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SDB Powerpoints

SDB Powerpoints. Is proud to present In conjunction with the Department of Homeland Security, and the Transportation Security Administration…. A School Bus Drivers guide to School Bus Security. Identifying Security Threats and Incidents.

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SDB Powerpoints

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  1. SDB Powerpoints Is proud to present In conjunction with the Department of Homeland Security, and the Transportation Security Administration…

  2. A School Bus Drivers guide to School Bus Security.

  3. Identifying Security Threats and Incidents. • Security Threat - is a source that MAY result in a event or occurrence that endangers life or property, and could result in the loss of service or equipment. • Security Incident - is a unforeseen event or occurrence that does NOT necessarily result in death, injury, or significant property damage, but MAY result in a interruption of service.

  4. School Bus security begins with you, the driver, by using your knowledge and judgment. Being able to judge between threats and incidents will enable you to distinguish between a prank, and a real emergency, and better allow you to determine your best course of action.

  5. Ideas for Employees • Always wear your company ID. • Become familiar with state, company, school district security guidelines. • Keep all Bus doors, hatches, windows and compartments locked if the bus is unattended. • Do your pre-trip/post trip inspections. • Keep your bus clean inside. • Be vigilant of people, items, and activities around your bus.

  6. Always keep a high level of awareness. Be aware of people, event and activities and note any irregular or suspicious behavior or goings on.

  7. Keep Alert for PEOPLE who… • Are not where they are supposed to be, such as a restricted area. • Look lost, particularly at schools, bus stops, or parking and maintenance areas. • Appear to be doing surveillance, such as using a camcorder or taking pictures. • Cause disruptions or intentionally distracting behavior. • Show unusual interest in employees or students. • Leave a item and flee from the scene. • Openly brandish a weapon and or other dangerous items. • Use a motor vehicle in a suspicious way, such as erratic driving, following, parking illegally.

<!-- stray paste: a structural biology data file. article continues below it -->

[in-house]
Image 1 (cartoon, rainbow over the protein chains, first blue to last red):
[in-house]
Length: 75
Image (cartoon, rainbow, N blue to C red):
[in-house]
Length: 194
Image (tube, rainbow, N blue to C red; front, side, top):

8. Look for Items or Devices that… • Were abandoned and left in the open. • Were abandoned and concealed. • Appear suspicious, such as canisters, tank, metal box… • Have a attached message. • Appear to be leaking or seeping strange substances. • Are connected to wires, tanks, or bottles. • May be the source of a foreign substance that is causing people to cough, have difficulty breathing, lose consciousness.

  9. If You are involved in a SECURITY Incident… • First, and foremost, remain calm and keep focus. • Call your garage and relay the following… 1 - Location and direction headed. 2 - A detailed description of the threat, activity, or incident. 3 - Description of any vehicle and/or persons involved.

  10. Always use state, school district and company procedures to notify the proper contacts, (dispatcher, police, etc.)Maintain Communication, and wait on instructions.

  11. Collecting Information When you report make sure that the information is accurate, detailed, and important. Providing proper authorities with victim status, indicators and situation will greatly assist the responding parties.